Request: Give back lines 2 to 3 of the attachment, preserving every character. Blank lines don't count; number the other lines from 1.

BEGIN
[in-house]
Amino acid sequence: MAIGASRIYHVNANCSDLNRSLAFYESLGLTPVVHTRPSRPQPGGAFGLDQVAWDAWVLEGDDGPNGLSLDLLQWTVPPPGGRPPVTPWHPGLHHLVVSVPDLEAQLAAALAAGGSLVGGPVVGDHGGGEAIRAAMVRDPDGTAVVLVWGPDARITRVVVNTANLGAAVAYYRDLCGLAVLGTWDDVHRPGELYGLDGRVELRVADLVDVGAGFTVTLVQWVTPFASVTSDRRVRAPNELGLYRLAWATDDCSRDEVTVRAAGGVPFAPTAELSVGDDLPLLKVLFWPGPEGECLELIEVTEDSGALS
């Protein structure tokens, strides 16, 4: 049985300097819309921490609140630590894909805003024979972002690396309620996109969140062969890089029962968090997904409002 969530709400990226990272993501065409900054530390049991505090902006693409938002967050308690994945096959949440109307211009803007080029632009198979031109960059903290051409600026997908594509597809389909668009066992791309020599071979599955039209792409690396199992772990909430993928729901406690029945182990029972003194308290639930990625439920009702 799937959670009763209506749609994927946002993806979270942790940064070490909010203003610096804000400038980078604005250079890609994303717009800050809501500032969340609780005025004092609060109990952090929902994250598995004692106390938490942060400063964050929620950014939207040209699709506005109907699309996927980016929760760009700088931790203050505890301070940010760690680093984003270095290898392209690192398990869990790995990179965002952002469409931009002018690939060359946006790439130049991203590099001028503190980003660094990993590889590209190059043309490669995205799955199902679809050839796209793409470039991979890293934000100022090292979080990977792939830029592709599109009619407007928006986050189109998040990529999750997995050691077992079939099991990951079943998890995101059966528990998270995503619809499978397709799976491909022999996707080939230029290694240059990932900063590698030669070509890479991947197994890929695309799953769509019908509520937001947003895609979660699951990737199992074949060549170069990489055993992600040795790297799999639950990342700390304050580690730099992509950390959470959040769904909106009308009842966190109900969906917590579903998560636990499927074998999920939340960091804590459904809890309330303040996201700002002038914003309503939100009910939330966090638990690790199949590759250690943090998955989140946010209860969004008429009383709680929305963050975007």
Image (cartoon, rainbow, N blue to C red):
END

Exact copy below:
Amino acid sequence: MAIGASRIYHVNANCSDLNRSLAFYESLGLTPVVHTRPSRPQPGGAFGLDQVAWDAWVLEGDDGPNGLSLDLLQWTVPPPGGRPPVTPWHPGLHHLVVSVPDLEAQLAAALAAGGSLVGGPVVGDHGGGEAIRAAMVRDPDGTAVVLVWGPDARITRVVVNTANLGAAVAYYRDLCGLAVLGTWDDVHRPGELYGLDGRVELRVADLVDVGAGFTVTLVQWVTPFASVTSDRRVRAPNELGLYRLAWATDDCSRDEVTVRAAGGVPFAPTAELSVGDDLPLLKVLFWPGPEGECLELIEVTEDSGALS
């Protein structure tokens, strides 16, 4: 049985300097819309921490609140630590894909805003024979972002690396309620996109969140062969890089029962968090997904409002 969530709400990226990272993501065409900054530390049991505090902006693409938002967050308690994945096959949440109307211009803007080029632009198979031109960059903290051409600026997908594509597809389909668009066992791309020599071979599955039209792409690396199992772990909430993928729901406690029945182990029972003194308290639930990625439920009702 799937959670009763209506749609994927946002993806979270942790940064070490909010203003610096804000400038980078604005250079890609994303717009800050809501500032969340609780005025004092609060109990952090929902994250598995004692106390938490942060400063964050929620950014939207040209699709506005109907699309996927980016929760760009700088931790203050505890301070940010760690680093984003270095290898392209690192398990869990790995990179965002952002469409931009002018690939060359946006790439130049991203590099001028503190980003660094990993590889590209190059043309490669995205799955199902679809050839796209793409470039991979890293934000100022090292979080990977792939830029592709599109009619407007928006986050189109998040990529999750997995050691077992079939099991990951079943998890995101059966528990998270995503619809499978397709799976491909022999996707080939230029290694240059990932900063590698030669070509890479991947197994890929695309799953769509019908509520937001947003895609979660699951990737199992074949060549170069990489055993992600040795790297799999639950990342700390304050580690730099992509950390959470959040769904909106009308009842966190109900969906917590579903998560636990499927074998999920939340960091804590459904809890309330303040996201700002002038914003309503939100009910939330966090638990690790199949590759250690943090998955989140946010209860969004008429009383709680929305963050975007």